Fusain is commonly found on fresh cleat faces, causing a great deal of black water to be produced early in the life of wells. Fortunately, none of the samples showed enough mineralization to significantly reduce the permeability or plug the cleating system of the coals.

Well testing

Well tests in CBM reservoirs are crucial for determining reservoir and completion properties. The most critical of these is permeability, which in turn has a profound effect on the number and spacing of wells.

Field experience and simulation show that reservoirs can be effectively depleted in a timely fashion (less than 20 years) with widely spaced wells (250-320 acres) when absolute permeabilities are tens of millidarcies. Permeabilities of 1-10 md may require two to three times as many wells to attain the same recovery factor over the same time period.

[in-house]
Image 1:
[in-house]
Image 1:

In the Hedong area, a combination of drill-stem tests (DSTs) and injection/falloff (IFOs) tests has been used to analyze the reservoir. Only about one-third of these tests have yielded satisfactory results. Efforts are under way to improve both procedures and tools before testing the San Jiao pilot wells.

Previous work shows that well test permeabilities in the Hedong prospect range from <1 to 90 md. Experience in other CBM reservoirs shows that a permeability range extending over three orders of magnitude is common. The highest permeabilities (> 10 md) are found in the deeper coal seams of the San Jiao block, whereas other areas have coal-seam permeabilities of <1 to 6 md.